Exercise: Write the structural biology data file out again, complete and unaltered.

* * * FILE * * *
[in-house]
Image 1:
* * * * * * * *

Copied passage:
[in-house]
Image 1: